Panelists discuss a new study showing the gap between the wealthy and the absurdly wealthy is widening, and how we can help the merely rich catch up.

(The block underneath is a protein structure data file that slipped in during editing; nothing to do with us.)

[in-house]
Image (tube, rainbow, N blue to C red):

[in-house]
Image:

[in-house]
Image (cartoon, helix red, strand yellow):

DETROITWith ratings for the Super Bowl telecast dropping to the point where a mere 86.1 million viewers watched the program in 2005, the NFL and Super Bowl XL broadcast partner ABC will attempt to reach their key demographicmales ages 18 to 55with a halftime performance by the Rolling Stones. "Advertisers for this annual championship sporting event are targeting working- and middle-class males in this valuable age bracket, and we believe there's no more surefire way to convince American men to watch a football game than to offer them the driving blue-collar rock of the Stones," said NFL vice president of programming Charles Coplin. "The Rolling Stones are an iconic musical presence that, for 40 years, has been bringing fathers and sons together on the weekends. That's precisely the kind of thing we want adult males to associate with our sporting event." ABC executives are cautiously optimistic that the Rolling Stones may even be able to reach viewers up to age 65, many of whom started following the band when they first established themselves in 1966.